interviews Blizzard part 1.

There’s the first half of an interview on with Paul Sams and Chris Metzen of Blizzard Entertainment on their company’s success and their move into MMORPGs with the launch of World of Warcraft:

Moving on to World of Warcraft, then; how have you found moving to developing a massively multiplayer game? Has this been a real paradigm shift for you creatively and in terms of your process?

Paul: I think there are two parts to that answer, and I think I can field half of it and Chris can probably field the other half.

From a company perspective, we’re shifting from a situation where we create a PC boxed product and put it on the shelves, although yes, we support it with patches and what have you over time. But with this product, because it’s a subscription based product, because this type of product requires so much support, our company focus and thought process has had to shift. We’re not only creating what I believe to be a great game, but we’re also having to create a world-class service organisation.

People, when they’re paying, are expecting things that we, historically, have not had to provide them. Now, we’re going to be providing 24 by 7 support in-game. We’re going to have local servers for these products, with local technical people on the ground that can do all the maintenance and upgrades and what have you that need to be done. And so, a huge amount of effort had to go into preparing for the operations associated with doing something that is this large in scale.

Then, obviously, there are some creative aspects as well that Chris can touch on…

Chris Metzen: These kinds of games are monsters. Totally unlike anything else we’ve tried to build. The sheer number of artists and coders and designers that you have to throw at it is really beyond the pale of what we’re used to. In terms of just the sheer magnitude of lands and creatures and animations and tilesets, and just all the art resources you could ever imagine, which all need to be programmed as well, it’s beyond anything we’ve tried to create before.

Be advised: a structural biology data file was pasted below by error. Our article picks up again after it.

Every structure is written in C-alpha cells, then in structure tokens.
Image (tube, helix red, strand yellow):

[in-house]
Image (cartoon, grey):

We’re used to these nice, finite, closed-ended games that we can power through, put on a shelf, go home and sleep for a month. This is just a completely different kind of monster – it will not end. We’re prepared for years and years, for this thing to be up and running, so it really did involve a big shift, not only in the business but specifically the running of our team and the structure of our team. The influx of new players, new designers, new artists needed to bring this thing off forced us to really rethink our small team minded culture. We’re dealing with a much larger team, but we’ve gone out of our way to try and maintain that small team culture, which got us to this point – to keep things very familiar, to keep the vibe alive, so that the ultimate vision – the singular vision – that’s provided at the end of the day isn’t drowned out just by the sheer influx of new perspectives.

So yeah, it’s been quite shift. But you know, I think we’re weathering it pretty well. *laughs*

Considering they’ve already sold over 600,000 copies and broken the record for most concurrent players online at once with 200,000 people bashing on monsters during the holidays, yeah, I’d say they’re weathering it pretty well. In fact, rumor has it that WoW has been pulled from shelves under Blizzard’s orders because it’s sold faster than they expected and they’re worried about the servers becoming overloaded. If this is true it shows just why Blizzard is such a great gaming company. How many other publishers would yank their title off the shelves until they could get more servers in place to ensure that those folks who are already playing aren’t impacted by the success of the game?

5 thoughts on “ interviews Blizzard part 1.

  1. So how addictive is this game?

    So far I have avoided EQ2 and WOW because of the massive amount of time I lost playing the original EQ.

  2. i wouldnt call it addictive as much as i would call it a complete lifestyle change. its pretty much all i do with my spare time. its my first mmorpg and im totally into it. i put as much time into it as i do my job, well, almost.

  3. Well let me put it this way: My wife is what is known as a “casual gamer” in that the only games she plays regularly are The Sims 2 and Zoo Tycoon and she doesn’t play them all that often.

    Currently her Dwarven Paladin is level 37 out of a possible 60. Me, I’m the hardcore gamer. I’m only level 34 with my Dwarven Hunter.

    Does that give you an idea of how addicting it is?

  4. I shall avoid this like the e-crack it is.  I’m already addicted enough to the internet and gaming…mix the two together, I shudder to think of the consequences!

  5. Blizzard has always been a great company.  They proved they learned from experience, when Diablo II hit the stores it sold faster than they expected and the online component took several months to work out.  At first it was plagued with problems and frustrated/outraged consumers.  Now it’s nearly 5 years later and they are still maintaining that game.

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